Admission (2013) – I thought the trailer for this looked horrible, so I was pleasantly surprised to find that the film as a whole was not. It wasn’t a stellar film by any means and the marketing campaign made the mistake of pushing it as a comedy, but I enjoyed watching it. While lacking in big laughs, the film is humorous and took a few turns I wasn’t expecting from it based on my low expectations/limited knowledge of the plot beforehand. ***
Session 9 (2001) – This is a slow starter, but an incredibly effective psychological thriller when all is said and done. It stuck with me for quite a while after watching, and it was incredibly unpredictable. Up until the final couple of scenes, I was misinterpreting the entire thing… which is exactly what should happen when watching a film with a mysterious plot! Kudos to Brad Anderson for being able to go from one of my favorite romantic “dramedy” films, Happy Accidents, to such a fascinating little horror film. *** and a half
Silent House (2011) – I’m on the fence about this one. It’s shot in “continuous take” style, so it appears to be in “real time,” following every move of Elizabeth Olsen’s character. I liked the use of this style a lot and thought it was pretty successful, but the film lost a lot of steam as it progressed, and the ending itself was a letdown. ** and a half
Fingerprints (2006) – This film is a total riot. I wish I’d had my notebook handy while watching so I could’ve done a Classics of the Corn post on it. (I may have to re-watch it just for that purpose.) It’s three of my favorite things: cheesy as hell, incredibly overdramatic and available on Netflix Instant! Corny Cliff Scale Score: ****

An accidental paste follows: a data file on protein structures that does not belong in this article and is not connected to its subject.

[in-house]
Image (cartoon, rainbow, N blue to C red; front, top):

Tyler Perry’s Temptation: Confessions of a Marriage Counselor (2013) – Man oh man, is this film a mess. My sister and I both saw the two “twists” coming from miles away, and the ending made the film come off as more of a PSA for fidelity than an honest exploration of infidelity and marriage. I will give it props for being incredibly fun to watch in a theater with a very vocal audience. We derived as much entertainment from our fellow movie-goers (who were shocked by the “twists” and had snarky comments ready to be fired at every character) as we did from the film itself, if not more. **
American Loser (2007) – Not a great one. Sean William Scott gives a better performance than I would have expected him to based on the other films I’ve seen him in and the pace is decent, but not much else works in the film’s favor. Skip this one. *